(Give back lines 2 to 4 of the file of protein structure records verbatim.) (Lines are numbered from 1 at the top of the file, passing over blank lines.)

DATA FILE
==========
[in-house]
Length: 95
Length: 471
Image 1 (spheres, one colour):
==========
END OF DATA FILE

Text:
Length: 95
Length: 471
Image 1 (spheres, one colour):